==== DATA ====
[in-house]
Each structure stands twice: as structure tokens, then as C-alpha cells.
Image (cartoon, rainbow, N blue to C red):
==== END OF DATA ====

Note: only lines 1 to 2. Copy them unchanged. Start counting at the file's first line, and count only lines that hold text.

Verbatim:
[in-house]
Each structure stands twice: as structure tokens, then as C-alpha cells.